There can be no doubt that the luminous and impressionistic sketch for All Saints (cat. 12), wherein Rubens explored the effects of light on the heavenly host, served as a study for the engraving of that theme in the 1614 Breviarium Romanum and not, pace Lammertse, “for a painting that in the end never came about” (86). Noting that the sketch is in mirror image (confirming its intended reversal in a print), he concludes that Rubens “does not appear to be entirely consistent.” Rubens was a master of consistency. For all their sketchiness, the figures correspond to the subsequent drawing, with no reason to assume that Rubens placed the Son at the wrong side of the Father! Its size is due to compositional complexity: heaven requires a larger field in paint. Apropos of reversals, I must add to the Whitehall Ceiling entries (cat. nos. 30-33) a footnote to the diagrammatic sketch (cat. 30): the inverted pairs of oval allegories led Held to recognize that the London ceiling paintings had been incorrectly installed. Instead of reading them as in their engraving, they were to be viewed from two vantage points – at the entrance and from the throne, following the Venetian ceilings of Titian and Veronese, which I maintain prefigure the iconographic sequence of Rubens’s ceiling (Held, Oil Sketches, 1980, 188).
The large modello for The Death of Decius Mus (cat. 34) was not painted by an unidentified studio collaborator and then retouched by Rubens. Its size and finish reflect its compositional complexity, to be enlarged into the canvas for the weavers. Its bravura explains why no candidate fits the bill as anonymous assistant: none was capable of such technique. (The comparison between cat. nos. 43 and 44, Rubens’s autograph sketch for The Discovery of Achilles and the studio modello retouched by Rubens underscores the qualitative gap between master and assistants.)
Rubens’s Triumph of the Eucharist represents his grandest tapestry commission. The recently restored Prado modelli (cat. nos. 36-41) underscore Rubens’s architectural precision – in lighting, angle of view – before their enlargement into cartoons. Designing his illusionistic two-tiered architecture as the new Holy of Holies within the convent chapel, Rubens planned the huge woven pieces to fit together seamlessly both iconographically and illusionistically. The revisionist theory (146) that the five Adoration tapestries in the Chicago sketch (cat. 35) were designed to cover not the high altar but rather the rear wall of the chapel (invisible to the cloistered royal nuns to whom they were donated!) is as unacceptable as Zeffirelli designing his climactic backdrop to hang on the rear wall of the opera house. Likewise, the placement of the largest tapestry, The Triumph of the Church (cat. 39), alone above the high altar rather than with its companion triumphs of Faith and Charity along the New Testament (liturgical ‘south’) wall of the chapel as I proposed in my reconstruction (Scribner, Triumph of the Eucharist, rev. ed. 2014, 225-238), requires the banishment of the first and largest Old Testament prefiguration, Abraham and Melchizedek, to the cloister outside the chapel. That inconsistent arrangement may indeed be one way the tapestries were eventually hung, but it cannot reflect the original design of an artist who, like Mies three centuries later, both believed and demonstrated that “God is in the details.”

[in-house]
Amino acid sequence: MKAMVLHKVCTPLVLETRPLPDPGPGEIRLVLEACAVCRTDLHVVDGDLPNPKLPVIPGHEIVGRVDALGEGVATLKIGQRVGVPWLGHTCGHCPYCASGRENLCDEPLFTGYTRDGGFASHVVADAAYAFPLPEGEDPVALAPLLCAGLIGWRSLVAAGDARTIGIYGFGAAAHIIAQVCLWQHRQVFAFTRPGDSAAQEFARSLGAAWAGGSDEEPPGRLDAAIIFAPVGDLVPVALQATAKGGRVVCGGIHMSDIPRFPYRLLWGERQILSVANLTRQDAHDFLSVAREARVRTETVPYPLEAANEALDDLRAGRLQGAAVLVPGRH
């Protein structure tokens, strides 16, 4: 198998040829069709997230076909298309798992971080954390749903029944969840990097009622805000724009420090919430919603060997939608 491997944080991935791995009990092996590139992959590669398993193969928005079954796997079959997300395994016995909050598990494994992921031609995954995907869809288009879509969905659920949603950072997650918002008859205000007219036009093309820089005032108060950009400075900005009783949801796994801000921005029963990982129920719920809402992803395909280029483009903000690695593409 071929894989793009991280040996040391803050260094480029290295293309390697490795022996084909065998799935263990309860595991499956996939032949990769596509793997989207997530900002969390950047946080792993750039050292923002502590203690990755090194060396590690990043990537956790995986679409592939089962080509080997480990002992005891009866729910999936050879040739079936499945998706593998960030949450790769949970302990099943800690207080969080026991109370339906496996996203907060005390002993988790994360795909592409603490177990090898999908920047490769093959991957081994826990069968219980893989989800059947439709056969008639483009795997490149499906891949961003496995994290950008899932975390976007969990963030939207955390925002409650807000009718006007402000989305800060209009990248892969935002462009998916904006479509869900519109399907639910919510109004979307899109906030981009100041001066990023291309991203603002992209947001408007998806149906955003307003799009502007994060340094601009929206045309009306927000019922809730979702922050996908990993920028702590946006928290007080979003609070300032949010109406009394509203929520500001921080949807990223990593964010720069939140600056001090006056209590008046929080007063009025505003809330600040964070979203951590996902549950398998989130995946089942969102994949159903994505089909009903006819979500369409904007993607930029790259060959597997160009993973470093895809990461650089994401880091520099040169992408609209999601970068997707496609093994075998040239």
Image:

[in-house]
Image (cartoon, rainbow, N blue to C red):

After rooms (and pages) of sketches for altarpieces, tapestries, prints, a triumphal entry, and Ovidian mythologies, the catalogue concludes with a sole “non-sketch”: the sketchy but complete portrait of Rubens’s daughter Clara Serena (cat. 81), a brilliant example of “crossing the boundaries between drawing and painting,” here to record what Shakespeare called “the constant image” of the beloved. Vergara’s concluding sentence captures the magic of the exhibition: “What is extraordinary is Rubens’s ability to transform that love into paint and to share it with us” (226). This model catalogue may best be described by Berenson’s ultimate compliment: “life enhancing.”
Charles Scribner III
New York, NY